Here, then, was not a clash exactly, or a collision, or anything so dramatic as that. Here were two approaches to getting educated. There is education as the acquisition of pre-packaged and teacher presented knowledge. And there is education as the ability to package, and maybe to re-package, and then to present the digested result right back at the teacher again, and to fellow students. These young people were used to one tradition, of obedience. But they were having to get used to another. And if Teacher Gabb told them that such was their duty, well then they would do it. Their own tradition kind of obliged them to accept ours, you might say.

Apparently my presence in the class somewhat interrupted what Sean was trying to do along these lines, and caused all present to behave even "better" than usual, that is to say, even more quietly than usual. So in a small way, I got in the way of what Sean was trying to achieve. But this kind of teacher-knows-best deference was always a bit of a problem, said Sean, and they took a bit of coaxing to get used to speaking up and expressing their own views. I suggested to Sean later that he might try selling the Anglo-Saxon habit of argumentation as a preparation for the job of making managerial decisions when working for a big organisation or business. Decisions are not likely to be well made if only one alternative is explored. People who are able comfortably to disagree are helpful in such circumstances, even if their views are later over-ruled. But maybe that's just the Anglo-Saxon way of decision making. Maybe these students would end up participating in less raucous and argumentative decision making processes than we are used to here in Anglo-Saxonia. Even so, they were learning about more than just free trade. They were learning about another culture, in a way that was bound to be of value to them in their future lives.

I feel sure that the predominantly female atmosphere also made a difference on the docility front. Women are, in my experience – and this is fact rather than criticism – far less comfortable speaking out with their own perhaps unsure opinions in public and formal settings. (But switch to informal conversation and they start chattering away very happily.)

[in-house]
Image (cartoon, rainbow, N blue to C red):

Sean spoke with great clarity, and although he had clearly prepared his lecture well he did not simply read out a prepared text. He extemporised around prepared texts. All present seemed determined to learn. There was no sense of anyone just being there because they had to be. In the very act of coming to this country in the first place (no English people were present, nor any people who's first language was English), all these young people had clearly taken charge of their lives and it showed in their attitude.

The class lasted well over an hour, and at the end of it, I felt that further questioning from me would not have been welcomed by these young students, although I also felt sure that they would have endured it with great politeness if I had imposed it upon any of them. These people were there to learn from Sean, not to sit about gossiping with the likes of strangers such as me. I might have learned more about Sean's methods and what they thought about Sean's methods, if I had hung around and bothered them with further talk, but it wouldn't have felt right. They had other business, I sensed, to be getting on with. As did Sean, and as did I.

That, now I think about it, was my overall impression. These people were here to do business. London was offering them a product, and they were buying it. No fuss. No big drama. They were just getting on with business.

These students are, in their own way, a highly significant part of the very process of international free trade that Sean was telling them about.

For more about Sean Gabb as a speaker and as a thinker, I also recently did a piece about him for my culture blog.

Posted by Brian Micklethwait at 11:56 PM
Category: BiasHigher education